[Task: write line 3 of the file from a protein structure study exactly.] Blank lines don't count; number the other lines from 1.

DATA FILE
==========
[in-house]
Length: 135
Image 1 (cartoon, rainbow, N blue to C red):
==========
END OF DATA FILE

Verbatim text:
Image 1 (cartoon, rainbow, N blue to C red):